Clive Crook isn't nearly as impressed as The Wall Street Journal by the Treasury Department's new study on income mobility, which Josh dissected yesterday.

Most notably, Crook adds that, contrary to popular belief, intergenerational economic mobility—"the ease with which successive generations move up or down relative to their parents"—is actually lower in the United States than it is in Canada, Denmark, Sweden, Norway, Germany, and (possibly) Britain: "In America, more than in other advanced economies, poor children stay poor."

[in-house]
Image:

--Bradford Plumer